HC Deb 15 July 1985 vol 83 cc10-1
11. Mr. Nellist

asked the Secretary of State for Energy when he will next meet the chairman of the National Coal Board to discuss future investment in the industry.

Mr. Peter Walker

I meet the chairman of the National Coal Board from time to time, to discuss many issues, including future investment in the coal industry.

Mr. Nellist

Is it not a fact that 11 days ago Mr. Michael Eaton, the National Coal Board spokesman, spoke of 7,000 jobs created by new investment at Selby, at Ashford and at Coventry? When that is set alongside the 70,000 jobs, which is the real target to which MacGregor and the Tory Government wish to cut the industry, does it not show that the last 12 months' struggle of the miners was totally justified, and that any attempt to set up a bosses' union in Nottinghamshire will merely play into the hands of the Secretary of State, MacGregor and the National Coal Board, who wish to run down the coal industry?

Mr. Walker

I am delighted that during the period in office of this Government investment has been at a much higher level than it was under the Labour Government. The National Coal Board wishes to make major investment in the coal industry. I know how delighted the hon. Gentleman's constituents are at the enormous investment that the board has recently announced for his area, as they were delighted when the majority of people in the Coventry pit returned to work.

Mr. Hickmet

Does my right hon. Friend agree that there is a danger that the recent changes in the NUM rule book will persuade existing and potential customers not to use coal as an energy source, whether it be the CEGB, the BSC or industrial users, and that consequently the greatest danger to investment in the National Coal Board is Arthur Scargill's attempt to use the coal mining industry as an instrument of class warfare, a policy which appears to be supported by the leadership of the Labour party?

Mr. Walker

Since the dispute took place, virtually every utterance by Mr. Scargill has been to say how he intends to use industrial action to the maximum in future. The change in the rules, which gives him power to take industrial action at local level without ballots taking place and without necessarily having the agreement of the local people is again an illustration of the type of war that he wishes to conduct, all of which loses orders for the coal industry, all of which stops our programme to get people to convert to coal, and none of which is condemned by the Opposition.

Mr. Hardy

Does the Secretary of State agree that investment decisions and the investment record are matters that should and could be considered by the new colliery review procedures? Will he therefore, when he meets the chairman of the board, tell him that it is about time that acceptable procedures were introduced, remind him that the board was committed to introduce those last autumn and agree, further, that the Government were certainly also committed?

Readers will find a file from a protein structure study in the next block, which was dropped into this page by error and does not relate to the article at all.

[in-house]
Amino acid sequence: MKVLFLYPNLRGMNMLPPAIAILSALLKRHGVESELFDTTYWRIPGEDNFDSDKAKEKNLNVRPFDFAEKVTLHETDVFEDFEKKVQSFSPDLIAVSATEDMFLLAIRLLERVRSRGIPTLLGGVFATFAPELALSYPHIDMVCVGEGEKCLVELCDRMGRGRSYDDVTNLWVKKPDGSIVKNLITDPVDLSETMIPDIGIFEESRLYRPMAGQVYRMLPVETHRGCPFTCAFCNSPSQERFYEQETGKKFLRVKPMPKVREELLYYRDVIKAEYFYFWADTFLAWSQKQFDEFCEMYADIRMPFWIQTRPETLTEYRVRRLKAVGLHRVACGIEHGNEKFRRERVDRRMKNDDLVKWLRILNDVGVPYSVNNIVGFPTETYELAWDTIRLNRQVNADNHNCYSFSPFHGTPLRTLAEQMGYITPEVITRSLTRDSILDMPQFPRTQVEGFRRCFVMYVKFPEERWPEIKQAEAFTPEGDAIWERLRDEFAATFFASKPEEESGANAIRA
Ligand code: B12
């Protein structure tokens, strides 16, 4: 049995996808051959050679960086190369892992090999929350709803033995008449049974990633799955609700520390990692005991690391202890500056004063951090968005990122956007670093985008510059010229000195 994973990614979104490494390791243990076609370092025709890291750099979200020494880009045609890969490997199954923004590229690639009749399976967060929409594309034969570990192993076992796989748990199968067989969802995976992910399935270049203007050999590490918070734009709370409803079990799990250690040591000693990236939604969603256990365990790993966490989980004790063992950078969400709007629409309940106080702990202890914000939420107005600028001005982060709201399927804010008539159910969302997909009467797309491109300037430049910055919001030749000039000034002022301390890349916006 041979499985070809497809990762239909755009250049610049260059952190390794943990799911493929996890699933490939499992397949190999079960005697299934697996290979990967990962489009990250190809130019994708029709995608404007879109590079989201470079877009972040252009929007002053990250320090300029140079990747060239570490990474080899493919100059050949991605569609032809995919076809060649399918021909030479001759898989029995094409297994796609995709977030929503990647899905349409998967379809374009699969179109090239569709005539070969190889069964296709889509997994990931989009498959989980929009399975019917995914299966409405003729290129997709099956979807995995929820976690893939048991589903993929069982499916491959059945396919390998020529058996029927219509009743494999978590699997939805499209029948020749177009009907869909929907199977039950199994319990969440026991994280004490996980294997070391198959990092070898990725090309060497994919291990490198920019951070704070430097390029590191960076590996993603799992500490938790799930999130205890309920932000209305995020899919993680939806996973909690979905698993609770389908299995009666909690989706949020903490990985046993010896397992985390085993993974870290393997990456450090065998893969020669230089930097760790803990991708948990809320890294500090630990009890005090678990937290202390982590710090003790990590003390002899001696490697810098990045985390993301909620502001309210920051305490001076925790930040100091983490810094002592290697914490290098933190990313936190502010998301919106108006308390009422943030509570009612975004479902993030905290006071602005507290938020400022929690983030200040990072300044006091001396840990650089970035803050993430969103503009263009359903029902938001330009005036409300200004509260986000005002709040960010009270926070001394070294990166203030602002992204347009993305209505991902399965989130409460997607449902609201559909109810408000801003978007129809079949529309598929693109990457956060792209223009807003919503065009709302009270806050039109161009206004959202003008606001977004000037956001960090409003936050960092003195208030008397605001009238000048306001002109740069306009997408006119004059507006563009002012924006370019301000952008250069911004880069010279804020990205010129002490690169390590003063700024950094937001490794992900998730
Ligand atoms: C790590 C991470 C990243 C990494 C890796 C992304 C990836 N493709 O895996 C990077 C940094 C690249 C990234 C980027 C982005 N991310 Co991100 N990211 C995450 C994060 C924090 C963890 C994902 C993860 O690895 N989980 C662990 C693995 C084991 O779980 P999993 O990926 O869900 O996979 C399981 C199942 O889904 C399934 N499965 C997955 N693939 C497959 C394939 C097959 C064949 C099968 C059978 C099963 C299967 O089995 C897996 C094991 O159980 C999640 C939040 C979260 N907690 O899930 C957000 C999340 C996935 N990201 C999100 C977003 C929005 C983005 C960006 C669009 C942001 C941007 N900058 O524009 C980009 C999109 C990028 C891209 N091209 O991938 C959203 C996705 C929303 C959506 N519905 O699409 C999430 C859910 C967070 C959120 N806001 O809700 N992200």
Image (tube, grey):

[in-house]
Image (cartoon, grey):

Mr. Walker

As the hon. Gentleman knows better than most, the board has circulated in great detail its proposal, which very much fits in with all the principles agreed last autumn. The sooner they are implemented, the better I shall be pleased.

Mr. Wrigglesworth

In view of the Government's clear commitment to the future of the mining industry, shown throughout the mining strike, does the Secretary of State agree that he should consult the Nottinghamshire miners, if they so wish, about the future of the industry and future investment in the industry? Does he also agree that any party that is seriously intent upon taking power in the country should be able to do that, without fear or favour?

Mr. Walker

I believe that it is true that the Nottinghamshire miners had no desire to split off from the NUM. They did, however, give due warning that, if the incredible changes of rule proposed by Mr. Scargill took place they would almost certainly have to. At no time in that period was there any attempt by the Labour party to condemn those changes of rule.

Mr. Stanbrook

Would it not assist investment in the coal industry if the National Coal Board did not have millions of pounds invested in private firms outside the industry?

Mr. Walker

I think it will be found that those investments are now very small indeed.

Mr. Orme

Will the Secretary of State now address himself to the future of the industry? Is it not a fact that an authoritative report has been published which states that 50,000 jobs and 50 pits could be in jeopardy? Will the Secretary of State answer that point?

Mr. Walker

I have already answered it once. There is no such report that forms the policy of the National Coal Board. Therefore, I have answered it no once, and I answer it no again. If the right hon. Gentleman, in the interests of the industry, would address himself to the damage that is being done by the leadership of the NUM, he might have some respect.

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